Ros Knight

Ros ensures that all our information is accurate, well-written, fair, and easy to find on the internet.

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Royal Weddings, Winston Churchill and me

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A plate of cupcakes with brightly coloured icing and decorations, including a picture of Prince Harry and Meghan Markle for the royal wedding

© Sunlight Photography/istock

The British Red Cross has played a special part in many Royal Weddings. The celebrations for Prince Harry and Meghan Markle are no exception. As we get ready for 19 May, peek down the aisle back to the 1960s and hear from the people who were there…

TV’s first Royal Wedding: 1960

The first Royal Wedding to be televised was in May 1960. More than 20 million people tuned in to watch the black and white images of Princess Margaret marrying Antony Armstrong-Jones.

The Red Cross’s Mrs S.H. McFadyen had a ringside seat in Westminster Abbey. She described the vivid colours of the ceremony for a Red Cross magazine.

“H.M. The Queen’s long dress was of vivid blue, that of the Queen Mother was gold lace with a mass of fawn ospreys on her hat.”

Princess Margaret “was in every meaning of the word a Fairy Tale bride, her dress so simple, and her veil off her face. The Duke of Edinburgh talked to her all the way up the aisle.”

Guests included Sir Winston Churchill, who “looked frail, but he was there.”

Mrs McFadyen also described the striking outfits on display in the abbey.

“Some of the hats of the guests had to be seen to be believed, and it was a wonderful sight to see the most gorgeous sari, from India, and the gay costumes worn by representatives of distant lands.”

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First aid and fairytales: 92 years with Queen Elizabeth II

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The Queen visits a TB patient

As our Patron Her Majesty the Queen celebrates her 92nd birthday, take a peek at some of the quirky moments we’ve shared.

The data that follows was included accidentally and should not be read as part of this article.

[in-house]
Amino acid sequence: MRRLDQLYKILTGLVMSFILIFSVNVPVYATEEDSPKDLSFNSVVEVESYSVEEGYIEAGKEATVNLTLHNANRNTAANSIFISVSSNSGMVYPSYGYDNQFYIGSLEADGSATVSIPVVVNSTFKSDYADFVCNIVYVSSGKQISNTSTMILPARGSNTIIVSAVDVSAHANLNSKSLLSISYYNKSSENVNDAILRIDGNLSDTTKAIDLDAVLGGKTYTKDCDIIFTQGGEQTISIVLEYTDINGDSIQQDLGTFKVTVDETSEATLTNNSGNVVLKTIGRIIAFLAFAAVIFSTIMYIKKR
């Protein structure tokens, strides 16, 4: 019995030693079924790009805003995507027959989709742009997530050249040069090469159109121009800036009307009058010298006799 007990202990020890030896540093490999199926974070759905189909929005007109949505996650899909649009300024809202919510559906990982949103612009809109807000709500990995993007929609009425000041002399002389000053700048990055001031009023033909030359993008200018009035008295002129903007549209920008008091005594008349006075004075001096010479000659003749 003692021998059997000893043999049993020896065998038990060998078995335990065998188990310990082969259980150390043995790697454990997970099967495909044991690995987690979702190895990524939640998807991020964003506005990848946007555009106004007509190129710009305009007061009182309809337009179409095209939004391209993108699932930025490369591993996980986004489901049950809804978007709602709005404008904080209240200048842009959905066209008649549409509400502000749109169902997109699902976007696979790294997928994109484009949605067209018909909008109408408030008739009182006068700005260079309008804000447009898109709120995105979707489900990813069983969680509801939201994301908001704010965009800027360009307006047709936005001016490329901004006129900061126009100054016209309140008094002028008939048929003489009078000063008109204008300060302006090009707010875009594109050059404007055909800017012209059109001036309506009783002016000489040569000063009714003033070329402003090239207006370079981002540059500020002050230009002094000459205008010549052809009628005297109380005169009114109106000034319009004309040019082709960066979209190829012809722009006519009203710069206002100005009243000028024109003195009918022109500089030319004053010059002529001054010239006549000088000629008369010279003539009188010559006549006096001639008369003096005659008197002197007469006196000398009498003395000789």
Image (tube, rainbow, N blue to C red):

At a meeting on 11 June 1926, the British Red Cross council sent “hearty congratulations to the Chairman [Duke of York] on the birth of a Royal Princess.”

That little princess, Elizabeth, would grow up to have a long connection to the British Red Cross.

On 20 November 1947, Red Cross first aid teams helped the crowds during the wedding of Princess Elizabeth and Prince Philip. Volunteers lined the route from St James’s Palace to Buckingham Palace, treating 324 casualties. More

The record-breaking teenager who was the ‘Little Wimbledon Wonder’

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Black and white photo of Lottie Dod in a cricket cap

Lottie Dod © National Portrait Gallery, London

This is a story of sporty siblings, a tennis court and a formidable Wimbledon champion. But we’re not talking about Serena and Venus, or Andy and Jamie. We’re talking about the youngest person to win a Wimbledon singles title – ever. We’re talking about British Red Cross volunteer Lottie Dod. More

Jelly and cake: let’s revive a 1940s Christmas tradition

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“I know what we had for tea will make you envious: tinned peaches, red and orange jelly, pink and chocolate blancmange followed by iced cake and cream cakes and as much tea as you liked – with sugar in it.”

Meet British teenager John Wilkins, who wrote about his experience of a fantastic afternoon tea during the Second World War. More

Let Twm, the Red Cross therapy dog, brighten your day

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Twm the therapy dog from the British Red Cross

All animal lovers know that pets make us feel happier. Whether it’s cuddling a cat or petting a pooch, time with your favourite furry-friend is good for you. It has been scientifically proven to reduce blood pressure and generally leave you feeling more relaxed.

That’s why we’ve recruited Twm, an adorable eight-year-old Kelpie Collie. More

Celebrating nurses through the ages

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First World War Red Cross nurse lights a cigarette for a patient

It’s International Nurses’ Day: let’s celebrate the fantastic nurses who helped us treat Ebola, malaria – and flirty WW1 patients.

Florence Nightingale: no gossip

Florence Nightingale rose to fame after her work during the Crimean War. Like the British Red Cross today, she believed that every sick and injured person deserves help, no matter who they are or where they are from.

“A really good nurse must needs be of the highest class of character,” she wrote in 1881. More